A while ago I wrote about a script I'd written that I called
gp which addressed a frustration I had about, essentially, starting work. What gp did was eliminate all the drudgery involved with opening
iTerm tabs (yes I still use it in preference to
Terminal.app despite it's occasionally freezing up for a few seconds under Leopard), changing directory to my project folder, and running lots of different commands for editors, browsers, version control, and so on.
gp script had many deficiencies, some of which were addressed by Solomon White who made his own version that worked with
Terminal.app. But neither script was ideal and we agreed that, at some point, it would make sense to pool our efforts.
Pressure of work meant I didn't look any further at it until last weekend when I found myself compelled to build a new version of
gp which I have called godo which stands for:
go (to project) do (stuffs)
So you might type:
and godo would search among the project root folders you had defined for a likely match, then using heuristics identify it as, say, a ruby project, and run a set of actions defined for ruby projects. The heuristics are pure ruby expressions, here is the heuristic for detecting a rails project:
File.exists?( File.join( project_path, "config", "environment.rb" ) ) &&
File.exists?( File.join( project_path, "config", "environments", "development.rb" ) ) &&
File.exists?( File.join( project_path, "config", "environments", "test.rb" ) )
the default configuration comes with heuristics for Rails, subversion, git, and rspec and a set of actions that you might want to perform in various combinations. New heuristics, actions, and groups can be specified right into the configuration. Alternatively a per-project configuration can list a custom set of actions to be run for that project.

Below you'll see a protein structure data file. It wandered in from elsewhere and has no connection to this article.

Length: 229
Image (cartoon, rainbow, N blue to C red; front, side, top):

godo it was important to me that it be a gem from the start so I turned, once more, to hoe when building it. I've tried to address all the issues that had made
gp unwieldy like it's use of a pre-built folder index (that was never up to date), the clumsy configuration, and the lack of separation from
iTerm. This last turned out to be very useful.
This was also a good opportunity for me to test out GitHub. From the beginning I made
godo available as a GitHub project. I was surprised and delighted when Lee Marlow forked
godo and pushed up a bunch of changes including
Terminal.app support, depth pruning, and per-project configuration.
It meant I had to figure out how to add Lee's repository as a remote with a local tracking branch:
git remote add lmarlow git://github.com/lmarlow/godo.git
get fetch lmarlow
git branch --track lmaster lmarlow/master
take a look at the changes he'd made:
git log -p master..lmarlow/master
then merge them into my own branch for release:
git merge lmaster
git push origin master
I might have preferred to cherry pick his changes and integrate them separately but it felt like a bridge too far, for me, in Git terms. I was just pleased finally to have his changes integrated.
godo is, i think, more or less ready for serious use. If you want it:
sudo gem install godo
to get the latest version (1.0.5) which supports both
Terminal. If you like it please leave a comment or something. And if you find bugs or missing features, you are welcome to fork the project and push some changes!
My thanks to Lee Marlow & Solomon White for their contributions, and to Tom Copeland for resolving the RubyForge pickle I created for myself.